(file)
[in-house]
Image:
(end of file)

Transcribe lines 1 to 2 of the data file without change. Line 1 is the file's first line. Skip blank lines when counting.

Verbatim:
[in-house]
Image: